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Multi-organ damage induced by anabolic steroid supplements: a case report and literature review

  • Ali A Samaha1, 2, 3, 4, 5, 6,
  • Walid Nasser-Eddine1,
  • Elizabeth Shatila1,
  • John J Haddad3,
  • Jaafar Wazne1 and
  • Ali H Eid7Email author
Journal of Medical Case Reports20082:340

DOI: 10.1186/1752-1947-2-340

Received: 20 February 2008

Accepted: 31 October 2008

Published: 31 October 2008

Abstract

Introduction

The use of anabolic supplements and other related drugs for body building and to enhance athletic performance is nowadays widespread and acutely pervasive all around the world. This alarming increase in the use of anabolic and amino acid supplements has been linked to a diverse array of pathologies. As previously reported, the abuse of androgenic steroids is not without severe physiological, psychiatric and physical costs. The case we report here describes multi-organ damage resulting from the abuse and uncontrolled use of anabolic steroid supplements, mainly testosterone.

Case presentation

A 24-year-old white man presented with abdominal pain concomitant with nausea and vomiting. Laboratory analysis revealed hypercalcemia, elevated liver enzymes and high levels of amylase, lipase and creatine protein kinase.

Conclusion

Amino acid as well as anabolic supplements may lead to abnormal functioning of many organs, which could be fatal in some instances. This mandates worldwide and concerted efforts to educate the public, especially the youth, about the dangers of these increasingly abused drugs.

Introduction

Anabolic-androgenic steroids and amino acid supplements are abused by many individuals for a variety of reasons: to boost athletic performance, increase muscle mass or even to enhance their appearance [1]. The abuse of these drugs has been linked to many pathological conditions. For instance, it was recently shown that anabolic steroid abuse could lead to reduced fertility and increased cardiovascular diseases [2]. Severe depression was also reported in four men who had used anabolic-androgenic steroids for a long period of time [3]. Interestingly, many of the female steroid users developed a distorted image of their body, analogous to "reverse anorexia", wherein they viewed themselves as too small [4].

Although many of the undesirable effects of steroid abuse have been reported, little is known about the effect of anabolic supplements on the plasma levels of calcium. In addition, a possible relationship between hypercalcemia and the organ damage that could be induced by anabolic supplements, namely testosterone, has not been thoroughly discussed before.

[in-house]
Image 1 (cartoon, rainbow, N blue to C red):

Case presentation

A 24-year-old white male smoker, previously healthy, presented to the emergency room (ER) of the Makassed General Hospital with abdominal pain of several days duration. The patient was 173 cm in height and weighed 85 kg. He described his pain as dull and continuous, worsening from time to time, mainly involving the epigastric area, radiating bilaterally to the back and associated with nausea and vomiting. Curiously, his pain was not provoked by food intake.

The patient had no history of alcohol intake. He exercised regularly and reported taking testosterone injections three times weekly for the past 2 months. He also reported the intake of diuretics and amino acid supplements. The patient reported no intake of other vitamin and mineral supplements.

Physical examination was normal except for diffuse abdominal tenderness elicited even with light palpation. Primary laboratory analysis showed leukocytosis with left shift, hypercalcemia, mildly elevated liver enzymes, elevated creatinine level, and a significant increase in the levels of amylase, lipase and creatine protein kinase (CPK) (Table 1). Negative ketones in the blood and normal urine analysis were read. An elevated serum calcium level of 13.8 mg/dl was measured, whereas the measured albumin level was near normal (3.3 g/dl). Taken together, these two values show a corrected calcium level of nearly 14.3 mg/dl. Further analysis showed a low parathyroid hormone (PTH) level indicating a suppressed parathyroid function as well as an increased level of 1,25 dihydroxy vitamin D.